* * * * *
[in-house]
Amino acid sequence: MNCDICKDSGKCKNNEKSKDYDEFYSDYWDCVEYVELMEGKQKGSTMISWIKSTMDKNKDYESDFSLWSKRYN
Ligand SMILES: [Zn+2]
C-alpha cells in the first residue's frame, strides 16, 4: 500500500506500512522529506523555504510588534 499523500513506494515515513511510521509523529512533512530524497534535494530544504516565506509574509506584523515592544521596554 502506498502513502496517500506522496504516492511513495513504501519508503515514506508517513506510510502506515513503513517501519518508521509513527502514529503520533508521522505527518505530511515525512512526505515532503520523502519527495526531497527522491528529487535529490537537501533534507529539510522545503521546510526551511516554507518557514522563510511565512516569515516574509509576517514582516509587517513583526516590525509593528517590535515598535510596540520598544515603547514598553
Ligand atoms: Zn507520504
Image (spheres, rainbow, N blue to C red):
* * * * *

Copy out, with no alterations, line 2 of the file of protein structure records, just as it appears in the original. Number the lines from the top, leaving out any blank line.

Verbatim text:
Amino acid sequence: MNCDICKDSGKCKNNEKSKDYDEFYSDYWDCVEYVELMEGKQKGSTMISWIKSTMDKNKDYESDFSLWSKRYN